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Sean Daly, Michelle Stark and Sharon Kennedy Wynne

Mary Mapes Makes a Mess -- Again

2

November

I have just finished reading Vanity Fair's excerpt of former CBS producer Mary Mapes' new book on her role in the infamous Memogate stories which cost four CBS News staffers their jobs and pushed Dan Rather prematurely out of the anchor chair. And I am pissed.

Not at CBS, which is cast as the ultimate corporate weasel in Mapes' 11-page story.

But at Mapes, who offers a self-serving, illogical, insulting diatribe which mostly blames others besides herself and Rather while subtly proving many of the criticisms leveled at her and the story by an independent investigation.

For those who haven't got the stamina to wade through Mapes' self-pitying monologue, I'll hit the troubling high points here:

Mapes and Rather's story for 60 Minutes Wednesday centered on memos supposedly written by a man who was George W. Bush's commanding officcer in the Vietnam War-era Texas Air National Guard, Lt. Col. Jerry Killian. These memos expressed Killian's dismay over the preferential treatment Bush was getting as the son of a then-Congressman. Turns out, Mapes received the memos from Bill Burkett, a man she admits in her book "was generally viewed by the press as an anti-Bush zealot."

Burkett had been forced out of the National Guard in Texas and was angry at Bush. But when Burkett hands her the smoking gun to a story journalists have been chasing for years, Mapes admits she didn't initially press him for details on how he got the documents. Later, he named another guardsman as the source, but Mapes failed to find him before the first story aired -- almost immediately sparking doubts about the memos' authenticity.

In her excerpt, Mapes describes a horrifying conversation set up by CBS News president Andrew Heyward with himself, Rather, Mapes and CBS News executive Betsy West with Burkett as criticism was mounting against the story. In that call, Burkett admits initially lying to Mapes about where he got the memos, saying that a woman named Lucy Ramirez provided them by a third party delivered to him at a Houston livestock show.

"I looked around the room and saw that Betsy and Andrew were openmouthed, blinking, blinded by their sudden exposure to the weirdness that is and always will be Texas," Mapes writes, refusing to believe the pair might be astonished by the line of BS Burkett was feeding them. Or dismayed that the man who handed them the central evidence in the most-criticized 60 Minutes story in recent years was now admitting he lied to them about the source of the documents -- saying they came from a woman he doesn't know and can't produce.

Or maybe they just realized their careers were over.

Mapes also admits in her book that only two of the four document experts hired by CBS authenticated the documents. What she doesn't mention is that the only expert to see all six documents CBS obtained from Burkett, handwriting analyst Marcel Matley, later said he only authenticated Kilian's signature on two documents, not the contents of all six memos.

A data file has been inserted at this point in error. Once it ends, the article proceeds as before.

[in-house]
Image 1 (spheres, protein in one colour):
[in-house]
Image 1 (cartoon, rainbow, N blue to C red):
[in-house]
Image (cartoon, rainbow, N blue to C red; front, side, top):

Rather -- to whom Mapes remains oddly loyal, despite the fact that he wasn't fired when she was and didn't quit in protest -- appears oddly disconnected from the story in Mapes' account, showing up for key interviews and edits only. This may help shield him from criticism, but it also reinforces another problem with the story - that Rather led viewers to believe he was the lead reporter on a piece he was barely involved with assembling.

To Vanity Fair's credit, they do reporting Mapes did not, inserting responses from CBS News and Viacom executives and others to many of her allegations -- responses which, presumably will not appear in her book.

And as Bryan Keefer points out in a piece for CJR Daily, Mapes also declines to mention one of the most serious charges against her -- that she tried to set up a meeting between John Kerry campaign staffer Joe Lockhart and Burkett, who was getting the cold shoulder from established Democrats well aware he was the most impeachable source in the country.

Worst of all, attention to Memogate distracted the public from quality reporting done by the Associated Press and Boston Globe on the same subject, along with 60 Minutes' scoops that same year on Abu Ghraib and a Pentagon staffer who may have given secrets to Israel. CBS also delayed airing an Ed Bradley piece on how the Bush admnistration may have been duped by forged documents purporting to show Iraq was buying nuclear material -- the issue which sent former Ambassador Joseph Wilson to Niger and started the ball rolling on what would become the CIA leak case.

So readers of Mapes' story are left to believe two things. Either Joe Lockhart, 60 Minutes producer Josh Howard, CBS News executive Betsy West, CBS News president Andrew Heyward and document expert Marcel Matley are all lying in ways big and small about Mapes' actions. Or she's spreading a line of manure thick as a Texas steak to justify her own mistakes.

"I couldn't help but reflect sadly on what had become of CBS News," wrote Mapes of her time speaking with the independent panel which investigated the story's development and concluded CBS News failed to follow basic journalism standards.

I say if Mapes wants to blame anyone for the degraded state of CBS News, she should look in the mirror.

EXTRA

Here's a shot of yours truly performing at the Times Festival of Reading Saturday -- as a bass player and singer, which 25 years of drumming exeprience hardly prepared me for....

[Last modified: Wednesday, July 21, 2010 2:34pm]

    

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